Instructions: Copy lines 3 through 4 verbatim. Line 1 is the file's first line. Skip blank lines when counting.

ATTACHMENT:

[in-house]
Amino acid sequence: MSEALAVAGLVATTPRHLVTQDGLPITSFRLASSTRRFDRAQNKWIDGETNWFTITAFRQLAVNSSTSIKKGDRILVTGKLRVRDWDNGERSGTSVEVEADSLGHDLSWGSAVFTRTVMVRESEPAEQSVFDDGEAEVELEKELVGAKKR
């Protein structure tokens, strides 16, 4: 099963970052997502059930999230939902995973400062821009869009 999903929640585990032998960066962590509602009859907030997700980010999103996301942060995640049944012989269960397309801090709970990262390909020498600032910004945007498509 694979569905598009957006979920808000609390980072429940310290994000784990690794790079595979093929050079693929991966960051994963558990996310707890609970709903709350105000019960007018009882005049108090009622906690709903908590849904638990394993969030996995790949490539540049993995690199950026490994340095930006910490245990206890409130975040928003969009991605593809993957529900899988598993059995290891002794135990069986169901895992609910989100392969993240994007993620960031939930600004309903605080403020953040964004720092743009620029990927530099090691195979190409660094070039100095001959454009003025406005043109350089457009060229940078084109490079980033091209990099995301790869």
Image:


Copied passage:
């Protein structure tokens, strides 16, 4: 099963970052997502059930999230939902995973400062821009869009 999903929640585990032998960066962590509602009859907030997700980010999103996301942060995640049944012989269960397309801090709970990262390909020498600032910004945007498509 694979569905598009957006979920808000609390980072429940310290994000784990690794790079595979093929050079693929991966960051994963558990996310707890609970709903709350105000019960007018009882005049108090009622906690709903908590849904638990394993969030996995790949490539540049993995690199950026490994340095930006910490245990206890409130975040928003969009991605593809993957529900899988598993059995290891002794135990069986169901895992609910989100392969993240994007993620960031939930600004309903605080403020953040964004720092743009620029990927530099090691195979190409660094070039100095001959454009003025406005043109350089457009060229940078084109490079980033091209990099995301790869």
Image: